Elite Fleets Continue Tradition of Excellence

July 2013, Government Fleet - Feature

by Thi Dao - Also by this author

Becoming the No. 1 fleet is quite an accomplishment — after this recognition, the fleet is ineligible to compete in the 100 Best Fleets program for five years and is named an Elite Fleet. Fleet managers are often asked to become judges for this award, giving back to the award they earned. Being an Elite Fleet brings additional recognition from neighboring fleets and national agencies as well.

However, that doesn’t mean the Elite Fleets are leaning back — they’re continuing to lead the way in innovative and efficient fleet management. This year’s Elite Fleets focus on saving taxpayer dollars, increasing operation efficiency, and contributing to new technologies and products that benefit the industry.

Hillsborough County – Maximizing ROI

The fleet management leadership team is just one element of the City’s successful fleet. Pictured (l-r) are: Ross Meslin, fleet services manager; Robert Stine Jr., director; and Ernie Hutman, operations/maintenance manager.

Photo courtesy of Hillsborough County
The fleet management leadership team is just one element of the City’s successful fleet. Pictured (l-r) are: Ross Meslin, fleet services manager; Robert Stine Jr., director; and Ernie Hutman, operations/maintenance manager.Photo courtesy of Hillsborough County

The Hillsborough County, Fla., Board of County Commissioners (BOCC) Fleet Management Department has been focusing on maximizing vehicle return on investment (ROI). With a large County fleet, disposal of more than 300 vehicles annually can lead to substantial savings due to higher resale prices, according to Robert Stine Jr., CPFP, fleet management director. Stine joined the County fleet in January.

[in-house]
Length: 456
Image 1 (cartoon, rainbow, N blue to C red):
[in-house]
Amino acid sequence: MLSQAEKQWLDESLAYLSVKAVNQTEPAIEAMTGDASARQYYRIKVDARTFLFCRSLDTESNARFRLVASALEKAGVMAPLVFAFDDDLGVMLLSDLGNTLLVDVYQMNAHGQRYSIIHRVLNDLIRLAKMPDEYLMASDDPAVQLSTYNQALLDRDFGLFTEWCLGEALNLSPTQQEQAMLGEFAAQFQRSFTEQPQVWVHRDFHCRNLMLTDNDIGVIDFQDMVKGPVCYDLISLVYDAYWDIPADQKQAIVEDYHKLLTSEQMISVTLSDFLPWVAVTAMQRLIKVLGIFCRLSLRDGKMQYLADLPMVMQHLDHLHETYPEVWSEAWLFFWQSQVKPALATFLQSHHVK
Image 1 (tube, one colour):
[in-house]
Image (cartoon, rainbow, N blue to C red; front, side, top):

To do so, the fleet considers resale ROI during initial vehicle acquisition, using a “teaming and common sense” approach. One example is specifying vehicle options that add value to the vehicle’s eventual resale price. The County’s vehicles are normally painted white with tinted windows to help fight the extreme summer heat. Adding something as simple as a truck bed liner enhances the condition of the vehicle after years of service and is viewed favorably at auction. These lifecycle cost decisions might seem minor in nature, but they can quickly add up to large savings and substantially increase ROI, Stine said.

At the time of resale, fleet staff members ensure they provide the “Midas Touch” to every vehicle. Ernie Hutman, CPFP, operations and maintenance manager, said the days of “painting over or scraping off” existing County decals and miscellaneous markings are long gone. Fleet staff quickly discovered that taking the time to properly remove decals and stickers and doing a general cleanup of the unit led to a positive effect on its resale price. As a result, it is not uncommon for local buyers and other counties to call the County fleet asking for projected future vehicle disposals, Stine said. The average ROI for the past several fiscal years has been more than 25% of acquisition price, up from an average of 15% in 2008, Hutman said. For the past calendar year, the ROI is averaging at more than 31%, which further reduces the amount of budgeted funds required to support the replacement program.

Hillsborough County, Fla.

No. 1 Fleet in 2008 & 2009

Fleet size:1,650 on-road, 1,200 off-road
Fleet staff:50
Maintenance facilities:4
Operating budget:$18.8 million

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